• She is wise. She is slightly older than me, but probably has 20 times more life experience than I have
  • She has about a billion BIG things that she could complain about but rarely does (I have a few small things that I always DO complain about.)
I have had a number of good discussions with Heidi. These are sometimes centered on things we disagree on slightly. I don't know why, but I love that. I really, really want to sit on a couch with her and just chat. About anything! I've invited her over but she still has never come. I'll bake something gluten free!! Come on, what's a few thousand miles between friends!?! :) I guess we'll just continue to converse through email. Love you, Heidi!

Sunday, February 13, 2011

Mourning Temporarily

Last night after I changed Spencer, I left the room to throw the diaper away and wash my hands. When I came back he was still laying right where I'd changed him, half asleep. It was an hour earlier than he normally goes to bed but I decided to put him down anyway, he was so sleepy.

He and I both have colds so we stayed home while Greg took everyone else to church. In the quiet house this morning I realized something. Before I put Spencer down last night I didn't nurse him. I've been doing only the one feeding right before bed for the last two months or so. In recent weeks it is more and more symbolic and less and less to provide any sort of nourishment. I have been planning to quit completely for the last week or so. This morning I realized that, just like that: it's all over.

And I sob.

I have spent four and a half years of my life nursing my babies. There have been times when I almost would rather have died and times when I was sure it was not worth it. I have often been forced to sit down and cuddle my baby to me when I did not have time or to retrain a newborn who seemed to suddenly forget how he had been getting his sustenance for days or weeks before.

I have spent countless hours pondering the wonder of being able to feed my babies any time I need to, to provide everything their little bodies require. I think about my body and the miracle it is and all that it has done for the people I love most in all the world. I think about how much that love has grown in the days and weeks and months of cumulative hours I have spent gazing down at a sweetly nursing baby. How grateful I am for that. For all of it. The good and the difficult.

And suddenly I have come to the end of it all. And I can't bear it. How do people bear these things, "The Lasts"?

My life is so full. I love my children dearly and find it hard to contain the excitement and happiness I experience watching them learn new things every day. A toy drops and Spencer says, "Uhhh-oooooooh" for the first time, his lips forming the cutest little "O" as he says it. Aaron comes up with the idea to bring a stool to the stove where I'm making "crunchy cheese" for him. Climbing on it he says, "Oh! Now I can see betterly!" David gets his first retainer and is so excited to feel that the protruding tooth he's been hating for years is starting to move backward and I know he will be way too handsome. Evie pulls me into another room, excited to tell me about the "Między nami Kobietami" ("Between us Women") maturation class she had at school.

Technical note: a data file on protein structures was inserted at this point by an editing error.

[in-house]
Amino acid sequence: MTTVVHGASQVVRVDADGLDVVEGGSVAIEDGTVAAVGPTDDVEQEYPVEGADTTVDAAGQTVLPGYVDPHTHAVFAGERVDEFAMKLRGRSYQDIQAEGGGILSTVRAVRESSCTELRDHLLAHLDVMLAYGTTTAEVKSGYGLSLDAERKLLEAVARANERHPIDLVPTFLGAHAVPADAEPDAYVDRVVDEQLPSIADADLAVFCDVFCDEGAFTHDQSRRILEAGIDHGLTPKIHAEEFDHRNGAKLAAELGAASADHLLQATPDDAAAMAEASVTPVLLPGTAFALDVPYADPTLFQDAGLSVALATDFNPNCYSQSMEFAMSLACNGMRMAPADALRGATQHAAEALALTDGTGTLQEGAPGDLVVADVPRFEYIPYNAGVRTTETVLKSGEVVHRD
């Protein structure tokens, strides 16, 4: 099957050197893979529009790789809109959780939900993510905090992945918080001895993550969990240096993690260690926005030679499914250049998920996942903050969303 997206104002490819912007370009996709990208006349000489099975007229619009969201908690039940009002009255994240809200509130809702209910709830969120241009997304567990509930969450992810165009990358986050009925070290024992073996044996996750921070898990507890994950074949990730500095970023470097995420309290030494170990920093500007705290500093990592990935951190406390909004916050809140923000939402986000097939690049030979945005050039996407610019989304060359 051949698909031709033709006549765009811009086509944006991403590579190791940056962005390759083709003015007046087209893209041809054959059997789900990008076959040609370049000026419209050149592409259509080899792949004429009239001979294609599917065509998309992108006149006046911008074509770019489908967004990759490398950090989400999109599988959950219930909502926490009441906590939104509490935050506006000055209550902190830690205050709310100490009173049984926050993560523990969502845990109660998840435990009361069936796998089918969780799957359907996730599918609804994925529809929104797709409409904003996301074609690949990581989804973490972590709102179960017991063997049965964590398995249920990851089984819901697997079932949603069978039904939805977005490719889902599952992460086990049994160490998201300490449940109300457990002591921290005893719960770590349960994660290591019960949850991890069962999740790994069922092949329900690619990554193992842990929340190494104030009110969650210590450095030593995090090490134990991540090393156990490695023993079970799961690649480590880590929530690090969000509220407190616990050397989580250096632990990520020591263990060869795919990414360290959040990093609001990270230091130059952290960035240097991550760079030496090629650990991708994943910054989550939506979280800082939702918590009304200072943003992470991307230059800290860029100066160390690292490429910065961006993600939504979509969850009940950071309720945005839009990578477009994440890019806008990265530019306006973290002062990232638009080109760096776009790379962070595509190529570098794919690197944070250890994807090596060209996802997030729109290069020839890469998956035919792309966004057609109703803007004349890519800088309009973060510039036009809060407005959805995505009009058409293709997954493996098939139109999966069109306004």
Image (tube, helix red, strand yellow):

So many firsts, all the time.

Right now I mourn this last.The grief is real and the sobs are deep. Does it go away, this ache in your heart when one of the most important, challenging and fulfilling things of the last 12 years of your life has ended? Forever?

I will keep a more vigilant eye open for "firsts" and rejoice in all the good things my babies bring into my life today. And tomorrow. And I will content myself with the feeling that somehow I will have all the yesterdays back. I don't know how it works but I know that one day I will have a fullness of joy, and that can only mean that these experiences will be part of me, as they are now, but without the tragedy of their being only a memory.

Tuesday, February 8, 2011

Recommendations, Please!

If you're not interested in my blah, blah, blogging journey skip to below the stars if you want to know how you can help me out.

There was a time, years ago, when I was obsessed with blogging. Nothing terrible, just the way most of us felt early on when we were making lots of new friends and really coming to love this community and the ability to toss out things we are thinking about, however important, trivial, silly or serious, and the surprise of realizing that we aren't the only one, or at least if we are, people like us anyway.

It was pretty early on that I realized that it was getting to be too much. I was on the computer too long. The little follower widget was a source of happiness but I realized that I kept looking at everyone's number. I hated that. "Oh! She's got a lot of new followers since I last checked!!" and "What is the deal!?! Why isn't she getting more followers!?!" I felt it was against my own philosophy (blog for fun and don't worry about number of comments or followers). So, to keep from feeling like it was a competition, I removed the widget.

Soon after that I realized that I could not keep up with everyone who visited or followed my blog. I seriously hated knowing that I was missing out on potentially awesome friendships but I hated even more knowing that I was missing out on my children's potentially awesome childhoods.